First announced at I/O 2018, Google has finally released an update to the Google Play Console that allows developers to segment their organic traffic. Instead of seeing your organic traffic combined as one unit, you can now identify how many people arrived to your Store Listing through searching specific keywords and how many arrived through exploring (e.g., viewing related apps, browsing the Play Store homepage, seeing top charts or category lists, etcetera). This updated segmentation brings in a new era of transparency that can have lasting impacts on your growth strategy.
Not to mention that it provides much more evidence of the value of App Store Optimization (ASO). With new data and insights, developers can achieve a more holistic app store funnel and drive not only installs but also more value and user retention.
To help guide you through these updates, we’ve analyzed what the changes mean for your overall ASO strategy and how you can begin to leverage them.
But first, here’s a closer look at the new updates.
Google Play Console Adds Organic Attribution
Before getting into the details, it’s important to understand the three different traffic sources that drive users to your Store Listing:
- Search Traffic: Users who arrive to your page by directly searching for your brand, or by searching relevant keywords and seeing your app in the Search Results Page. From an ASO perspective, your Icon, Gallery, and App Title are the most important elements to optimize because these are the only assets that appear in search results.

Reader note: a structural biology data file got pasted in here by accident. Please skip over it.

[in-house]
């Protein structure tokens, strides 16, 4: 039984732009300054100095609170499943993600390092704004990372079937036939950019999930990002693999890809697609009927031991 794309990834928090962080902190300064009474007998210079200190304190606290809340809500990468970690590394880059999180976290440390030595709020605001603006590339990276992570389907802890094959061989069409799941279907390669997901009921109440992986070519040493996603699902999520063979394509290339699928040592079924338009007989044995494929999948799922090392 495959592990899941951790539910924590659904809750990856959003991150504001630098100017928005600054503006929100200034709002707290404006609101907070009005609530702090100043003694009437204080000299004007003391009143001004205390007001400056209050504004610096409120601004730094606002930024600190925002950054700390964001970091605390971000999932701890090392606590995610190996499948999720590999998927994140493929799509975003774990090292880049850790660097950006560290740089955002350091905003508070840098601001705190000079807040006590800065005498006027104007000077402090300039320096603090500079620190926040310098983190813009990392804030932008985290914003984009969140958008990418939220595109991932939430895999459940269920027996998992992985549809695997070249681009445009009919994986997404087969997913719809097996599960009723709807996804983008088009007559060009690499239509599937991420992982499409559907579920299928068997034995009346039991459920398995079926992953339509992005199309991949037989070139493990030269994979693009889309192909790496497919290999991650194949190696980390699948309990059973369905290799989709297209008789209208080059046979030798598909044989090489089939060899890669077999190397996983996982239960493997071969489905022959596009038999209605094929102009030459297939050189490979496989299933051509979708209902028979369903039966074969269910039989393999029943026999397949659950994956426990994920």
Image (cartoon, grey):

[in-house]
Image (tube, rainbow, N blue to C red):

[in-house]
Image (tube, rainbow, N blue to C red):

- Explore Traffic (also known as Browse Traffic): Users who arrive to your page through exploring the Google Play homepage, top charts, or Google’s navigation tabs. From an ASO perspective, your Icon is the most impactful element to optimize because it’s the only visual asset that appears when users browse.
- Paid User Acquisition (UA) Traffic: Users who arrive to your page from paid campaigns through sources such as Facebook, Google, or network traffic (SDK platforms). From an ASO perspective, you should be optimizing the First Impression Frame (assets that appear above the fold) since all traffic that comes from referral sources will land on your Store Listing.
By understanding your app’s unique traffic blend, you can identify which sources to optimize for, which need improvement, and which are currently driving most of your traffic. This allows you to determine your top priority for optimization, and whether you should focus your efforts on improving one source over another.